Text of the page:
Pandemic-reduced photo radar haul puts $6.9-M squeeze on police budget
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Hey there, time traveller!
This article was published 02/06/2020 (978 days ago), so information in it may no longer be current.
The Winnipeg Police Service is now offering a bleaker financial outlook this year, including a drop in photo radar revenue during the pandemic.
The WPS expects its total expenses will climb $5.6 million beyond what its 2020 budget calls for, while revenue drops by $7.9 million, adding up to an overall $13.5-million shortfall.
While photo radar revenue was actually up during the first quarter of the year, police now expect to collect $6.9 million less with those tickets by the end of the year.
Traditional traffic enforcement is expected to earn about $2 million less this year.
Winnipeg Police Service has released several reports on 2019 operations, which note the following highlights:
– Police made $3 million worth of cash and drug seizures, which included 170.3 kilograms of illicit drugs in 2019.
– A total of 50,513 property crimes were reported last year.
– The WPS communications centre managed 648,247 calls in 2019.
– The police professional standards unit received 49 complaints, sparking 29 investigations last year. The investigations included probes on the following allegations: assault (2), neglect of duty (2), theft (1) and “discreditable conduct” (8). There were no allegations of police bias.
– Police chased vehicles in pursuits 45 times in 2019, down from 84 in 2018. Last year, that led to 13 collisions and four injuries.
– The WPS armoured response vehicle (ARV) was deployed 38 times in 2019, including its use at 30 firearms-related calls, one “armed-and-barricaded” incident, a kidnapping, three domestic/family disputes and a hostage incident.
– The ARV was also present at six community engagement events last year.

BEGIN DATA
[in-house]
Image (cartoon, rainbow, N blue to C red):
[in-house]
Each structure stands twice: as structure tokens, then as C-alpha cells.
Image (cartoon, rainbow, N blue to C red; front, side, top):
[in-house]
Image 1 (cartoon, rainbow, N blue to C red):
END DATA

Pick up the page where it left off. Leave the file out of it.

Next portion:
– Police attended 231,668 calls for service in 2019, including 857 incidents that involved use of force or a weapon being shown.
– Five police-involved shootings took place in 2019 and two people died from their injuries.
A new report notes revenues in that and several other categories “may be further impacted by COVID-19.”
The chairperson of the Winnipeg Police Board said he fears that could force police to consider cuts that impact public safety.
“You’re going to have to make adjustments, whether it’s layoffs or looking at other items that are going to have to go,” said Coun. Kevin Klein (Charleswood-Tuxedo-Westwood).
The financial hit also includes a reversal of the city’s unilateral changes to the police pension plan, since council expected to save $6 million through those now-cancelled changes this year.
Council recently scrapped that plan after an arbitrator ruled it did not have the power to impose the changes on its own.
In November 2019, WPS Chief Danny Smyth said the service would need to eliminate 34 officer and 25 cadet positions within three years to meet previous council-imposed 2020-2023 budget targets.
On Tuesday, Smyth said there are no immediate plans to cut police positions due to the current year-end budget predictions.
“At this point, I have no indication I’ll be considering any layoffs. The budget is a concern and we will work with the (police) board and the city administration to address that in the coming years,” he said.
Klein said he’s also concerned that the police must depend on photo radar revenue to support their budget, when they’re also tasked with deterring speeding.
“I find it inappropriate to budget a service on a specific number of fines. That should be budgeted somewhere else, so the illusion of the police having a (ticket) quota isn’t there,” he said.
The councillor suggested photo radar revenue could fund road-safety initiatives instead.
Klein said he worries police may be unfairly blamed for losses linked to the attempt to change the police pension plan, even though that was pursued by council.
City council’s finance chairperson, Coun. Scott Gillingham, said police, like many other city departments, are facing some unforeseen financial pressures.
“A reduction in photo enforcement and traditional traffic enforcement is inevitable, given the fact that there are fewer cars on the road due to COVID-19. There are fewer people driving to work every day, there are fewer people travelling, as Winnipeggers have been abiding by the provincial health orders to stay home,” said Gillingham (St. James).
The city’s pandemic financial plan notes that council expects to use part of its rainy-day fund to address budget shortfalls, which could assist police, said Gillingham.
However, he noted each department is also expected to cut costs.
Born and raised in Winnipeg, Joyanne loves to tell the stories of this city, especially when politics is involved. Joyanne became the city hall reporter for the Winnipeg Free Press in early 2020.
Updated on Tuesday, June 2, 2020 9:03 PM CDT: Fixes typo.